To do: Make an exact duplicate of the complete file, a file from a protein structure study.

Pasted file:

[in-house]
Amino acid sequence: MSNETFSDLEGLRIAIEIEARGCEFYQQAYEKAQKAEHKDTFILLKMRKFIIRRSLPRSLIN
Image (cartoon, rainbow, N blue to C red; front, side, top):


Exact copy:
[in-house]
Amino acid sequence: MSNETFSDLEGLRIAIEIEARGCEFYQQAYEKAQKAEHKDTFILLKMRKFIIRRSLPRSLIN
Image (cartoon, rainbow, N blue to C red; front, side, top):